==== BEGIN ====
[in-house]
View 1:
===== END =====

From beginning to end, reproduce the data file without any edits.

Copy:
[in-house]
View 1: